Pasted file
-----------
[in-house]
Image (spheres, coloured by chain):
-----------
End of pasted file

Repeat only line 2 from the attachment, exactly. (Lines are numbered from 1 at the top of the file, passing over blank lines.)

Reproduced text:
Image (spheres, coloured by chain):